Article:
Although falling one game short of a state championships always comes with a twinge of disappointment, the Dr. Phillips Little League junior softball team has plenty of pride after a successful 2022 campaign.
After DP dominated postseason play — scoring 114 runs while allowing only 39 runs — the girls faced a formidable opponent in San Mateo (Jacksonville), which dominated them 11-1 at the end of the Junior League Softball State Tournament, held July 8 to 10 at Tampa Bay Little League.
Despite the loss, the team earned the state runner-up title for the first time to go along with its Section 5 championship and District 14 championship. This year, they were led by Manager Brian Wimberly and coaches Colin Church, Reston Grosch, Hunter Robinson and Richard Ruiz.
Wimberly employed a team-first mentality throughout the season.
“You’ll see a significant difference from the way I coach,” he said. “During regular season, we are developing girls on every position.”
This year, the team had about five players who were able to get on the mound and pitch. Other softball teams usually have one or two regular pitchers.
“The beauty of it is that the girls start getting behind the girl (who is) on the mound (who) hasn’t been on the mound all season long,” Wimberly said. “So, they are rallying around her; it builds team perspective.”
Wimberly not only teaches the girls to play different positions inside and outside the diamond but also how to get through the rough parts of life outside the field.
“You are teaching so much more — so many life lessons,” he said. “We talk about character traits all the time. … We talk about how do we handle things, mental toughness and so much more than just the softball angle. This game and baseball translate into life beautifully, because you work as a team and you work as an individual, and you (have) to excel at both.”
Under Wimberly’s coaching, the girls bonded as teammates and, more importantly, as friends.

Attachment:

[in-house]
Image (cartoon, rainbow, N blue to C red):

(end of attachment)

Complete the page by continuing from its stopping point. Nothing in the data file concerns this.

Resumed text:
“It really helps us on the field, because we are more connected, and we know what the other person is going to do,” shortstop and catcher Briana Lohr, 14, said of their friendships. “It helps with communication a lot.”
Assistant coach Hunter Robinson believes winning against Windermere Little League really helped the girls start believing in themselves.
“Every week, they just got better and better,” he said. “They fed off of (one another). … It was fun to watch them play.”
First baseman and pitcher Richelle Ruiz, 14, has been playing at the Dr. Phillips Little League for about eight years and will be attending Olympia High in the fall.
“Just playing at states alone was a crazy experience,” she said. “I honestly had fun, it was a cool time. … Getting to the field, watching other teams play, getting into the mindset and thinking about the plays — it was really surreal.”
Shortstop, third baseman, second baseman and outfielder Elizabeth Aguilar, 14, has played with the team for four seasons total and will be heading to Dr. Phillips High in the fall.
“I felt so much pressure at third base; I’ve never felt like that, and I’ve played so many travel ball games and that was the first time ever,” she said. “That game was rough.”
Centerfielder, third baseman and pitcher Melanie Harrison, 14, has been playing for the team on and off since third grade and consistently for the past two years. She’ll attend Olympia High School in the fall.
“Sometimes, when we all get down, we all stop cheering,” she said. “But we knew for states, we had to be upbeat, and we couldn’t let anything affect us. So, cheering helped a lot, and we started every game very loud.”
Pitcher and first baseman Nellie Robinson, 14, has been playing for the team since 2020. Even though she can still play another season with the team, she will be focusing on playing high school ball at Olympia high in the fall.
“The first two games ... I was really in it,” she said. “I struck out a few people; they didn’t have many big hits. ... But then at the last game, we all got tired, and I threw a lot of balls.”
Lohr has been a part of the team since she was 6 years old, when she started playing T-ball. She will attend Dr. Phillips High in the fall.
“Not too long ago, this program wasn’t really developed,” she said. “For Dr. Phillips Little League, not many teams have gone to states. Especially with softball, we’ve only had one other team, and they didn’t make it to the finals. So for us to make it and become runners-up was a really great accomplishment.”